July 16, 2020 | Rachel Erickson

NC Space Grant is pleased to announce the four recipients of the 2020 Faculty Research Grants. These faculty members will be examining topics in mechanical, materials, biomedical and aerospace engineering, and are aiming to make important contributions to the aerospace field. NC Space Grant will support each faculty member’s research for a two-year period, enabling more ambitious projects.

NC Space Grant created the Faculty Research Grant in order to support faculty who want to pursue new research directions aligning with NASA’s Mission Directorates, all while actively engaging with undergraduate and graduate student researchers. Previous faculty support targeted primarily new faculty, so NC Space Grant is pleased to be able to broaden this opportunity to include established faculty and to increase the support to cover longer projects with the new, two-year grant span.

This support for faculty researchers aims to incentivize established and emerging researchers who want to develop new projects and collaborations with partners spanning different universities and colleges, NASA centers, state and federal research facilities, the aerospace and aviation industries, formal and informal education partners, state and local government agencies, and more. The faculty researchers will also meaningfully engage undergraduate or graduate students, or a combination of both, in their research endeavors.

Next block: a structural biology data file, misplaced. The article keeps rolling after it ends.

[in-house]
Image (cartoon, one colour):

NC Space Grant is pleased to recognize the 2020 Faculty Research Grant awardees:

Rodward Hewlin Jr., Ph.D.

University of North Carolina at Charlotte

Development of a Traveling Wave Ferro-Microfluidic Device for Particle Manipulation and Sorting in Gravitational and Non-Gravitational Environments

Hewlin and his team will address fundamental design aspects and device characterization of a compact, low-cost, flow-through programmable ferro-microfluidic device for potential onboard bio-diagnostics and health assessment of astronauts on space stations and space craft. The biomedical and space application of his proposed device will be to provide a better understanding of how spaceflight affects living systems in a space craft such as the International Space Station or in ground-based experiments, and to prepare for future human exploration missions far from Earth.